Creech maintained that by fostering pride, he was creating performance, and he always insisted that those individuals at the operating level were the ones who could make the hands-on decisions to improve performance.
He combined leadership and managerial skills in a way that amplified those individual values. Further, he recognized that any improvements made in the Air Force were soon discarded unless they were “institutionalized.”
Thus it was that his combination of leadership and management skills had immediate effect when he assumed control of Tactical Air Command on May 1, 1978. His success at TAC led to widespread adoption of his techniques and influenced the character of today’s Air Force.
Creech is most renowned for the dramatic steps taken at TAC, which he headed for six-and-a-half years—an unusually long time for a commander of a major command.
Despite his remarkable accomplishments at TAC, those closest to Creech value two other achievements even more highly.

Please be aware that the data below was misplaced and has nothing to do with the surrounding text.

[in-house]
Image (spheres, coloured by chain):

The first of these was his call for weapons and tactics to suppress enemy integrated air defenses and take away from the enemy the “sanctuary of the night.”
The second achievement—his teaching—was less war-related but of even greater lasting significance.
Creech’s program for leader development involved careful selection of officers for promotion, mentoring groups of them, and then grooming small numbers for specific assignments.
Retired USAF Gen. Ronald R. Fogleman, Chief of Staff in the period 1994-97, commented that “Creech educated the next two generations of four-stars, people who came to lead the USAF in the late 1980s, 1990s, and in the opening decade of the 21st century.”
Included in those generations were such names as Joseph W. Ashy, Michael J. Dugan, Jack I. Gregory, Hal M. Hornburg, Charles A. Horner, John P. Jumper, John Michael Loh, Merrill A. McPeak, Richard B. Myers, John L. Piotrowski, Joseph W. Ralston, Robert D. Russ, Michael E. Ryan, Henry Viccellio Jr., and Larry D. Welch. All acknowledge Creech as much more than a mentor.